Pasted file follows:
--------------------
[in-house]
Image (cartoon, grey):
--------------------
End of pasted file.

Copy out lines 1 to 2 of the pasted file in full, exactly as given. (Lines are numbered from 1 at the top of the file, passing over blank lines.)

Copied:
[in-house]
Image (cartoon, grey):